We see a lot of far-out home theater themes at Electronic House. Theater rooms styled after favorite movie genres or grand classic cinemas are common, but what’s just as interesting is when a specific design aesthetic is developed to work in tandem with the theater room. It’s then that you get a magical meeting for form and function. That marriage is what happened in this home theater, and it’s a mix of technology, tranquility and ingenuity.
The owner of this special room in southeast Pennsylvania has an affinity for classic Japanese culture. He does business there and has a second home in that country, so he wanted his new show-off space to show off his Japanese interests. Rob Dzedzy of Media Rooms Inc. in West Chester, Pa., helped the homeowner get the room of his dreams, and a little more.
This retrofit job started out as a partially unfinished basement. A portion of the space had drywall and basic laminate flooring, but it wasn’t good for anything more than storage. Besides the theater, the owner hoped for a group entertaining area and a wine room, but everything had to work in harmony, and share the same aesthetic qualities.
To accommodate the multiple uses of the basement, Dzedzy oriented the theater so that the back would open up to a bar/entertaining area, and also adjacent to what would be the wine room.
(Click here to view images of this theater)
Many custom design touches went into creating the Japanese appearance. The walls were fashioned after traditional shoji paper and wood screens. Behind the shoji screen on one wall is a storage space that also holds the theater’s electronics. Cherry wood beams accent the walls and the cypress wood ceilings of the theater, while a stone meditation garden sits underneath the projection screen. The projection screen itself retracts into one of the wood beams and reveals a piece of Japanese artwork. All the room’s Triad Bronze/4 speakers are hidden behind fabric panels. The room is lit by recessed can lights, mostly hidden by the ceiling beams, and Asian-themed wall sconces. For a room built to house a high-tech theater, it has the surface appearance of simplicity. You think you’ve walked into a Buddhist hall in Kyoto until you pick up the remote and press play.
From there, the technology takes over. The 106-inch Draper motorized screen is served by an M-Vision Cine 260-HC DLP projector from Digital Projection. The owner presses the movie button on his URC MX-980 remote, which then automatically lowers the screen and fires up all the equipment. The Triad speakers are powered by an Integra DTA-70.1 amplifier and an Integra preamp/processor. The two Triad in-wall subwoofers get their power from Triad rack-mounted amps. For movies, the owner uses an Integra Blu-ray player, and for music a ReQuest MP Plus media player, which can pull content from an NAS server in addition to streaming from Netflix, YouTube and Hulu. Lutron’s Grafik Eye provides the lighting control functionality.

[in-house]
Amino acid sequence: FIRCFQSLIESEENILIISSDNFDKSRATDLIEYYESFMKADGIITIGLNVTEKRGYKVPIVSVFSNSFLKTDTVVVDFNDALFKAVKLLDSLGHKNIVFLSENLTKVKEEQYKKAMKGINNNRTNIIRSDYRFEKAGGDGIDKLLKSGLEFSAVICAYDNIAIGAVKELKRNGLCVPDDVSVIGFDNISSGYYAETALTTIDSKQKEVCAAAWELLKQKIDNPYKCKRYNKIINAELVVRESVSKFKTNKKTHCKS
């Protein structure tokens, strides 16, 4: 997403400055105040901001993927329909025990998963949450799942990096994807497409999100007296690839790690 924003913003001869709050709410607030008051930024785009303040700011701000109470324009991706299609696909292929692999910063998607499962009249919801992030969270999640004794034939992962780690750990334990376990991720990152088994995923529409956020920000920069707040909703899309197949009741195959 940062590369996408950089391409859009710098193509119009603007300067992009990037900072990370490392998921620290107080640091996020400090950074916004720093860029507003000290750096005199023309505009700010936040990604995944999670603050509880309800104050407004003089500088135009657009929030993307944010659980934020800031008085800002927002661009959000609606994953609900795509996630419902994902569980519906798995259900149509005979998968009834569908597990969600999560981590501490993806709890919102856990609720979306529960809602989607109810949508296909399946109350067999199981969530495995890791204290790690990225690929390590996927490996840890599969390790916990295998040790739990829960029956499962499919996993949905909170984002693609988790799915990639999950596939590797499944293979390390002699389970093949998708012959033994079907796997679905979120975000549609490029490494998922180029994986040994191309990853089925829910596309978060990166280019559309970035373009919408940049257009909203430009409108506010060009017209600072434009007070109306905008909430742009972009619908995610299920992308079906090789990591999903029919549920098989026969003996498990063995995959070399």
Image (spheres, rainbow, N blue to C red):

Just outside the theater, accessible by movable shoji screens, is the bar area with a custom cherry top accented with LED lighting. A border on the ceiling of traditional Japanese clay roof tiles creates the impression of being in another environment. The roof tiles weigh 15 pounds each, so Dzedzy had to provide extra structural reinforcement to keep them safely in place. A bamboo garden plus bamboo accents on the bar complete the scene. If a user wants to close off the theater from the bar area, sliding shoji doors do the trick. The theater doors look like ordinary paper shoji doors, but between the paper is a quarter-inch thick layer of plywood to help create a bit more privacy for this relaxing home theater escape.
Electronics and Design in Harmony
Rob Dzedzy of custom electronics pro Media Rooms Inc. notes his particular interest in this theater, because, as an audio/video enthusiast, he often thinks of the gear before the design. In this room, design definitely took control, but Dzedzy made sure it didn’t create compromises in the system’s performance. Every piece of electronics was selected because it not only worked well, but it made the whole room work well. For instance, Dzedzy likes the DP projector because of its great picture and also because it’s quiet, and since it would not be concealed he need a projector that didn’t sound like an air conditioner. The Triad speakers were a good choice because they’re totally sealed and narrow, which made them fit well into a wall with limited depth. Media Rooms Inc. does its own design work, construction and cabinetry, so Dzedzy knows intimately every part of the process. The intent was to make this not simply a home theater or media room, but comfortable place to gather and spend down time. The homeowner has told him that this is his favorite part of the house.
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Grant Clauser has been covering home electronics for more than 10 years with editorial roles in several consumer and trade magazines. He's done ISF-level damage to hundreds of reviewed products and has had training from THX, the Home Acoustics Alliance, Control4 and Sencore. His latest book is Necessary Myths
. Follow him on Twitter @geclauser.